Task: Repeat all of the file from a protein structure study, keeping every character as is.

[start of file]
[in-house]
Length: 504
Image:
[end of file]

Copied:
[in-house]
Length: 504
Image: